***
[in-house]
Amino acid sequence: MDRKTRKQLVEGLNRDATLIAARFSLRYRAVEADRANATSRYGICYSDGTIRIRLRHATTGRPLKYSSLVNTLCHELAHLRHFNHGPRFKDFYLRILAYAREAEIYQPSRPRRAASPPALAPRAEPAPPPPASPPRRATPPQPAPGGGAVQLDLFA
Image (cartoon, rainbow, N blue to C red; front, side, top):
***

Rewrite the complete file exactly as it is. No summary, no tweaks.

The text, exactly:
[in-house]
Amino acid sequence: MDRKTRKQLVEGLNRDATLIAARFSLRYRAVEADRANATSRYGICYSDGTIRIRLRHATTGRPLKYSSLVNTLCHELAHLRHFNHGPRFKDFYLRILAYAREAEIYQPSRPRRAASPPALAPRAEPAPPPPASPPRRATPPQPAPGGGAVQLDLFA
Image (cartoon, rainbow, N blue to C red; front, side, top):